Low Vision

What is Low Vision?

Some individuals, even with glasses and contact lenses, cannot see well enough to do everyday activities. Most people develop low vision because of eye diseases and health conditions like macular degeneration, cataract, glaucoma, and diabetes. A few people develop vision loss after eye injuries or from birth defects. While vision that’s lost usually cannot be restored, many people can make the most of the vision they have. These people benefit from individualized specialty vision instruments. Some need help with magnifying near tasks, others with distance vision tasks and or peripheral vision. We can also prescribe glare/colored filters and electronically operated devices to improve visual input and mobility.

Common Types of Low Vision

  • Loss of Central Vision – The loss of central vision creates a blur or blindspot,but side (peripheral) vision remains intact. This makes it difficult to read, recognize faces, and distinguish most details in the distance. Mobility, however, is usually unaffected because side vision remains intact.
  • Loss of Peripheral (Side) Vision – Loss of peripheral vision usually limits the ability todistinguish anything to one side or both sides, or anything directly above and/or below eye level. Central vision remains, however, making it possible to seedirectly ahead. Typically, loss ofperipheral vision may affect mobility and if severe, canslow reading speed as a result of seeing only a few words at a time. This is sometimes referred to as “tunnel vision.”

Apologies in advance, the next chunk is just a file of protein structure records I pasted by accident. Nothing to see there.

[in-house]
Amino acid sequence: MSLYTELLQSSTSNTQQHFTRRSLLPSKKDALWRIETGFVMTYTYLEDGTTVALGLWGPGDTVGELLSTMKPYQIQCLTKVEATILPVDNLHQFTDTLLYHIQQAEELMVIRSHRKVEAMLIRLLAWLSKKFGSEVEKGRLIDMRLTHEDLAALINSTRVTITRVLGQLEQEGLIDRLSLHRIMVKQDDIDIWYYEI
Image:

• Blurred Vision – Blurred vision causes both near and farto appear to be out of focus, even with the best eye glasses possible.
  • Generalized Haze – Generalized haze causes the sensation of a film or glare that may extend over the entire viewing field.
  • Extreme Light Sensitivity – Extreme light sensitivity exists when standard levels of light overwhelm the visual system, producing a washed out image and/or glare disability. People with extreme light sensitivity may actually suffer pain or discomfort from relatively normal levels of illumination.
  • Night Blindness – Night blindness results in inability to see outside at night under starlight or moonlight, or in dimly lighted interior areas such as movie theaters or restaurants.

Low Vision Devices

A wide variety of rehabilitation options are available to help people with low vision live and/or work more effectively, efficiently, and safely.

  • Spectacle-mounted magnifiers / microscope – A magnifying lens is mounted in eye glasses or on a special headband. This allows use of both hands to perform close-up tasks, such as reading.
  • Hand-held or spectacle-mounted telescopes – These miniature telescopes are useful for seeing longer distances, such as across the room to watch television, and can also be modified for near (reading) tasks.
  • Hand-held and stand magnifiers – These are convenient for short-term reading of things suchas price tags, labels, and instrument dials. Both types can be equipped with lights.
  • Video magnification – Table-top (closed-circuit television) or head-mounted systemsenlarge reading material on a video display. Some systems can be used for distance views tasks. These areportable systems, and canbe used with a computer or monitor. Image brightness,image size, contrast, and foreground/background color and illumination can be customized.

In addition, there are numerous other products to assist those with a vision impairment, such as large-type books, magazines, and newspapers, books-on-tape, talking wristwatches, self-threading needles, and more.

Please call 323-667-2102 or visit lowvision.com for more information.


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